Horse Racing has been suspended “indefinitely” at Santa Anita Racetrack in Arcadia, California after the 21st horse death in the past few months. The Southern California racetrack announced Tuesday that the death of a 4-year-old filly who suffered a catostrophic leg injury early that morning was the reason behind the closure.
Races have been suspended through the weekend, and there is no timetable on when they will resume.
The track was scheduled for a major day of racing on Saturday, including the $600,000 Santa Anita Handicap for older horses and the $500,000 San Felipe Stakes for 3-year-old Kentucky Derby hopefuls.
Seven deaths have occurred during races on the dirt track at Santa Anita since the winter season began on Dec. 26. Five have occurred on the turf course, and nine came during training on dirt.
Last week, Santa Anita was closed for two days while the dirt surface underwent extensive testing and was declared fit for racing.
Track officials announced in a statement on Tuesday that a former track superintendent is returning immediately to Santa Anita as a consultant on site as “a precautionary measure with regard to the condition of the one-mile main track.”
In 2014, Dennis Moore oversaw a major renovation of the dirt surface using sand that was dug up in the coastal suburb of El Segundo for construction projects at Los Angeles International Airport. The sand was screened for foreign materials and large rocks.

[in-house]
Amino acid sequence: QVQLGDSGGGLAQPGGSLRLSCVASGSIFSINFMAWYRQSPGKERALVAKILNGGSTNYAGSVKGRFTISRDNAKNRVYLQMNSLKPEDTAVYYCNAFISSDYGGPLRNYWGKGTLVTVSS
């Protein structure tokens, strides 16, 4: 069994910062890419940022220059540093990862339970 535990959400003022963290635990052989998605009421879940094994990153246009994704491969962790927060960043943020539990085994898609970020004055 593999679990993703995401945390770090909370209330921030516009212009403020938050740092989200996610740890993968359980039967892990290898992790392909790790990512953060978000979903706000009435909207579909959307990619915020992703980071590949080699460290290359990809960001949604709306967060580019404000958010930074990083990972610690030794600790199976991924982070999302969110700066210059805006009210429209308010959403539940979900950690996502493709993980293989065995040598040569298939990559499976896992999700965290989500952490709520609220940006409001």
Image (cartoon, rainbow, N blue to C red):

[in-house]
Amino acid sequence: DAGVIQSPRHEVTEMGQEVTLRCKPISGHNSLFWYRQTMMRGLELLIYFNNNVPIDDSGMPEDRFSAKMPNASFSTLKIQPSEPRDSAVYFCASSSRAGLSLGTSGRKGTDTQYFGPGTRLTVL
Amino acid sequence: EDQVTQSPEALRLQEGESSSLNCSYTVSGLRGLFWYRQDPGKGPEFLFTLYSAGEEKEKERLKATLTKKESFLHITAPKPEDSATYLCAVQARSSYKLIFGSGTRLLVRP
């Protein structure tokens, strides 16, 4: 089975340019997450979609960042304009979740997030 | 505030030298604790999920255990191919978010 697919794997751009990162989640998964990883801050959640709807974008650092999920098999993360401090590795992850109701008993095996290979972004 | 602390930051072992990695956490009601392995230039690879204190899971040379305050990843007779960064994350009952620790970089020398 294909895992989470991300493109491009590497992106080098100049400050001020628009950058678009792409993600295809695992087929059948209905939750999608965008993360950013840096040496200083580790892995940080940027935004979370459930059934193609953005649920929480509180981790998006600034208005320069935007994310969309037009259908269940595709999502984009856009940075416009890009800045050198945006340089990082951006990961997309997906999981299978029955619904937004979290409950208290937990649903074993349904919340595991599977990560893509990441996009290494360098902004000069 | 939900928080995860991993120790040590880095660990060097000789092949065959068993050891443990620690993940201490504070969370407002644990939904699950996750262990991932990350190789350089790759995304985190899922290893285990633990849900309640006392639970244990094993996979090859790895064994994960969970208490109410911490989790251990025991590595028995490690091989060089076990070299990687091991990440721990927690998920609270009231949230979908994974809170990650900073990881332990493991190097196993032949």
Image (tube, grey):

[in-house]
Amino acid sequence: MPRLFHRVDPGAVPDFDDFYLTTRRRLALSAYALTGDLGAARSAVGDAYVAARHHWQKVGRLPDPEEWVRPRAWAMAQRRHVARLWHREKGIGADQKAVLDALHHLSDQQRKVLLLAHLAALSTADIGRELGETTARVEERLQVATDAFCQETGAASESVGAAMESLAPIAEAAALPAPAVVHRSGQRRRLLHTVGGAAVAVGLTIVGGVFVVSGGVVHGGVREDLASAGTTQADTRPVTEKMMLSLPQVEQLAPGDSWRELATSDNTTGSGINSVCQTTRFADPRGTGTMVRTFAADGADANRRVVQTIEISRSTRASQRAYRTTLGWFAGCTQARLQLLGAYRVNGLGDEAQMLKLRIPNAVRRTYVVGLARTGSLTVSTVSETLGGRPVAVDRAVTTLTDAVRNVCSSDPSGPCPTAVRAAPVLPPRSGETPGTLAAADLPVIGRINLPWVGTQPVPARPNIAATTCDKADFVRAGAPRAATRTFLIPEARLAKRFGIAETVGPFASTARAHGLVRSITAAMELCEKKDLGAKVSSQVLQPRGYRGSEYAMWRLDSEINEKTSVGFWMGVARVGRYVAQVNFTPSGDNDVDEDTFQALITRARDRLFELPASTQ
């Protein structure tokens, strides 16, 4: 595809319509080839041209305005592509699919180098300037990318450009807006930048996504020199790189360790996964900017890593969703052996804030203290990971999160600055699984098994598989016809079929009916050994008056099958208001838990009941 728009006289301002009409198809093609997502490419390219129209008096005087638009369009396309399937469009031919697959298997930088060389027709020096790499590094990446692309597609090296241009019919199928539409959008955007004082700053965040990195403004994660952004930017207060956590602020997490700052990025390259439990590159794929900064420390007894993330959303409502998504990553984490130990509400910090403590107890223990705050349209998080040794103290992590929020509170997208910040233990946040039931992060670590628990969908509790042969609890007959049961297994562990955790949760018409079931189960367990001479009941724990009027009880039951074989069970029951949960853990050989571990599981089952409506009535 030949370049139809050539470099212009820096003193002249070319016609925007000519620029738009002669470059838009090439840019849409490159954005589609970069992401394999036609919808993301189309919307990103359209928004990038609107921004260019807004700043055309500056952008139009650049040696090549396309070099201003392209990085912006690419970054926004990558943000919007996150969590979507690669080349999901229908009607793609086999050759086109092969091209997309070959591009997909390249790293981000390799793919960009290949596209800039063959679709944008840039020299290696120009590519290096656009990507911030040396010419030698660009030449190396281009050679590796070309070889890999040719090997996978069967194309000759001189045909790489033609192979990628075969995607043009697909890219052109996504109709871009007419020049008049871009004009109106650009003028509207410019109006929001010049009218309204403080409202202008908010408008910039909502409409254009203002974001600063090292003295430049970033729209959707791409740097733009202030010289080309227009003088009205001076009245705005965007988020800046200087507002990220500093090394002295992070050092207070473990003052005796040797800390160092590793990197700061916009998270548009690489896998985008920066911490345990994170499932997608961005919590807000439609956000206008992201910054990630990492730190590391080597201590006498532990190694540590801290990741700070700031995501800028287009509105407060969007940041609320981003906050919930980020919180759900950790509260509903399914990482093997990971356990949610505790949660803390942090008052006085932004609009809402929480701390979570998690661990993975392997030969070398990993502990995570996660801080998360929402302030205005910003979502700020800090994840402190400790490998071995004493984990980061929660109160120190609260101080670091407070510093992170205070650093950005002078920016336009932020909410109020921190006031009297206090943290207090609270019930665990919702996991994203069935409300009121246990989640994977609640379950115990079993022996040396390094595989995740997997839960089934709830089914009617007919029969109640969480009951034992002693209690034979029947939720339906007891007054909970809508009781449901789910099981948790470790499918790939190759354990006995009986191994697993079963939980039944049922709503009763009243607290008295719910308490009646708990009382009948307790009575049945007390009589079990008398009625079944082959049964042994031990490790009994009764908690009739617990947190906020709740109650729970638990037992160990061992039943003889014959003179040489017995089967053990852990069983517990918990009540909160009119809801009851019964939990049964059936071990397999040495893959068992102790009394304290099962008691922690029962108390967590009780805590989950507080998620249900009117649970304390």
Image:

At the time, track officials said the reddish-brown sand would ensure balanced drainage during periods of wet weather and a consistent, safe cushion for horses year-round. That’s important at Santa Anita, which added several additional weeks of racing to its schedule after the closure of Hollywood Park in Inglewood, California, in December 2013.
It is believed that the heavy rainstorms that have soaked Southern California have played a part in the high number of deaths this racing season.
Santa Anita is set to host the Breeders’ Cup world championships for a record 10th time this fall.